Spain’s new government will be able to count on a majority in Congress for a proposal from the Socialist Party (PSOE) to move the remains of former Spanish dictator Francisco Franco from their current resting place in the Valley of the Fallen monument, located north of Madrid.
The new PSOE government of Prime Minister Pedro Sánchez came to power earlier this month after a motion of no-confidence against the previous Popular Party (PP) government prospered in Congress. However, the PSOE currently only counts on 85 deputies in a parliament of 350, meaning that any legislation it passes will have to count on the support of other groups.
Íñigo Errejón, Podemos
In order to secure support for the removal of Franco’s remains from the Valley of the Fallen, the PSOE is proposing converting a reform it had previously suggested to the Historical Memory Law – legislation that seeks to recognize victims on both sides of Spain’s Civil War (1936-39) – into a draft bill that would, among other measures, include the transfer of the ex-dictator’s remains.
“The surprising thing is that we have taken so long with this,” said Íñigo Errejón, from left-wing anti-austerity party Podemos, which counts on 71 deputies in Congress. Center-right group Ciudadanos, meanwhile, which has 32 seats in the chamber, is calling for consensus to convert the controversial mausoleum into a place of reconciliation, something that it does not see as being possible while Franco’s remains continue to be there.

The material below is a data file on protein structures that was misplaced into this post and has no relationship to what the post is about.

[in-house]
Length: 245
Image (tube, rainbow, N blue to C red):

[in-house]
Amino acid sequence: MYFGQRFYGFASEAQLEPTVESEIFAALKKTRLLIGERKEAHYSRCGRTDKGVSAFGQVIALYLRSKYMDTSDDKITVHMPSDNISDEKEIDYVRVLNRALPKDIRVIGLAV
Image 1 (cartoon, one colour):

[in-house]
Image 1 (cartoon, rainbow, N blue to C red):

As such, barring any surprises, should the PSOE government opt to pass the legislation through parliament rather than unilaterally passing it via its executive powers, it should count on the votes it needs.
PP representative Andrea Levy claimed that the PSOE was looking for “cultural battles” that, “beyond provoking confrontation do not contribute anything”
“There is a majority in Congress in favor,” said Errejón. “The thing that turns the Valley of the Fallen into a center for glorification of genocide and repression is the fact that the remains of Franco are still there. Can you imagine something similar on the outskirts of Berlin? Obviously, the remains need to be moved. The PP is more uncomfortable with these issues because it has a minority, albeit a noisy one, that would be opposed, but they also know that this is unacceptable.”
According to Errejón, moving Franco’s remains as a first step to changing the significance of the monument “would not open any wounds. On the contrary, it would reconcile Spanish democracy with democrats. In the 1980s, or even in the 1990s at a stretch, you could have thought that this would cause controversy, but today I believe that the vast majority of Spaniards simply don’t understand this anomaly. It’s going to happen. Let’s make it happen.”
Asked about the transfer of Franco’s remains from the Valley of the Fallen, PP representative Andrea Levy claimed that the PSOE was looking for “cultural battles” that, “beyond provoking confrontation do not contribute anything,” news agency EFE reports. In her opinion, Prime Minister Pedro Sánchez is trying to “return to the Spain of confrontation and social tension of Zapatero,” in reference to former Spanish Prime Minister José Luis Rodríguez Zapatero, whose government first passed the Historical Memory Law in 2007.
During the PP government of Mariano Rajoy, however, the legislation was effectively overturned, given that its funding was cut to nothing in the 2013-2014 budget.
English version by Simon Hunter.